The major consequences for a business that gets hacked

The major consequences for a business that gets hacked

By Jeremy Lacy, Senior Cyber Security Consultant


Working as an information security professional, I often assist businesses with their cyber security. Though much of my work is focused around making sure that a business does not become a victim of cybercrime, I never really considered how credit card fraud could affect me on a personal level and in turn everyone who uses payment cards.


That all changed when a few years ago I received a call from my credit card company. The representative of the credit card company inquired if in the last 10 days if I had visited San Diego and Los Angeles. I communicated to the credit card representative that I had not left my home state of Texas for a few months. The representative went on to clarify that some small online purchases had been made recently on my card.


I learned soon after this that my credit card number had been hacked and my credit card information compromised. It turns out that the criminal made a number of small purchases in the Southern California area to test the card to see if it worked and if they would get away with using it. After success, they were planning to buy much bigger valued items.


Obviously I had to close my credit card account and go through the hassle of opening a new one and everything that is associated with that process. At that point I started thinking; it may be awkward and difficult for me, but what are the consequences of any company that gets compromised?


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The reality is if your company processes credit or debit card transactions, then you need to comply with the PCI DSS standard, otherwise known as the Payment Card Industry Data Security Standard. But what if you fail to comply – even if it’s a completely unwitting error on your part?


Well, here are 7 serious consequences you can expect, based on other well-known PCI compliance failures in retail and other industries. (By the way, these consequences are a lot more serious than the petty irritations I experienced from having my card number stolen.)


Consequence #1: Lost Sales

Unfortunately, bad news travels fast and if your business has experienced a hack in which data has been compromised, then you can be sure that people will avoid your business at all costs. After a well know US retailer’s profits dropped drastically following a major hack, you can be sure the same would apply to any other business that gets hacked.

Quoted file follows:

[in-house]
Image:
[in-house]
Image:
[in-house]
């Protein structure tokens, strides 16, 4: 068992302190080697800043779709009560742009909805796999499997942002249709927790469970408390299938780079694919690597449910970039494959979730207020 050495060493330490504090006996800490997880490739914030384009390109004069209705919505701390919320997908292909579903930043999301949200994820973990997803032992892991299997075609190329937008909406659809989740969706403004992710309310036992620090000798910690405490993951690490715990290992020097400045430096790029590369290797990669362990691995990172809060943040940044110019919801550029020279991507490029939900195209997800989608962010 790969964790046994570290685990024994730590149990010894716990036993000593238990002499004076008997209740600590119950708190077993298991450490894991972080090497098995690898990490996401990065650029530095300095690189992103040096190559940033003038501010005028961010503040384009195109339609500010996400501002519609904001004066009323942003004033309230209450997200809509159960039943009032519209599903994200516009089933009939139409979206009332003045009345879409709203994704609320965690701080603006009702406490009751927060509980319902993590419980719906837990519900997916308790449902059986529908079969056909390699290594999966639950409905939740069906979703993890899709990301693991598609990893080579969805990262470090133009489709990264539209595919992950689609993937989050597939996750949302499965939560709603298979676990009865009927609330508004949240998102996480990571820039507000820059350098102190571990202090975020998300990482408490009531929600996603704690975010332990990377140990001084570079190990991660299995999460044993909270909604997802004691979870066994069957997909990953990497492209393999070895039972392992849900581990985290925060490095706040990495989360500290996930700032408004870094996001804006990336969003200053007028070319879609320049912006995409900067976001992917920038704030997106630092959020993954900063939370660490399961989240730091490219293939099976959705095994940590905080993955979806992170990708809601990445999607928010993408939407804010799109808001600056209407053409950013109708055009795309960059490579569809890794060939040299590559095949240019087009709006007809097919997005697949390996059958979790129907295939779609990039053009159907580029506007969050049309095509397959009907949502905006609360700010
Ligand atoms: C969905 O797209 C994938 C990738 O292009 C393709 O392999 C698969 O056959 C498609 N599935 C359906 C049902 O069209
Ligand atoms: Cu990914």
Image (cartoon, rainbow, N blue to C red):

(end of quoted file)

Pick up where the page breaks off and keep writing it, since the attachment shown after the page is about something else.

Consequence #2: Damaged Reputation

Once the damage is done, it can be very difficult to reverse. Consumer trust is something that is not easily won over and even harder to win back. At best, it can be ameliorated with countless hours of reputation management, marketing, and public relations.


Consequence #3: Compensation Costs

You may have to reassure people with compensation in the form of free credit monitoring and/or identity theft insurance. It’s free for your customers … it’s not free for you.


Consequence #4: Legal Action

Unfortunately lawsuits are commonplace nowadays. Regardless if your business wins or loses, legal action costs can be huge. If the breach occurred because your business made some mistakes, then it’s safe to assume that the law is not going to be on your side.


Consequence #5: Fines

The good news: if customers’ credit cards are actually used to purchase stuff fraudulently, you don’t have to foot that bill; the banks do the reimbursing. The bad news: the banks pass on those costs to you in the form of fines.


Consequence #6: Government Audits

Regardless of the country your business is in, if your business is large enough then there is a big chance that a government organisation such as the Federal Trade Commission (US) will be knocking on your door to carry out an audit. They may even decide to then fine your business if they find that guidelines such as PCI DSS were not followed.


Consequence #7: Remediation Costs

You’re also going to have internal remediation costs: costs to investigate what happened, improve your security posture, fire and hire employees … whatever it takes to fix your internal information security environment.


With consequences like these, it can be easy to see how costs could mount up. Most businesses would find it difficult to recover from not being PCI compliant.


So what do you do? The wisest course of action for most organisations – whether small or large – is to work with a quality security advisory partner. Someone who knows the entire PCI playbook, who can deliver cloud and physical environments that have PCI compliant infrastructures, and who can monitor your transactions 24/7.


Remember: nothing is worth the risk of getting hacked. I just had to close my credit card account and open a new one. Your ENTIRE business is on the line.


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